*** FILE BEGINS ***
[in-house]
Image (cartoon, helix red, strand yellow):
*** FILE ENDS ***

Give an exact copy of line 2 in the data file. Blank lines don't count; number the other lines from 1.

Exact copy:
Image (cartoon, helix red, strand yellow):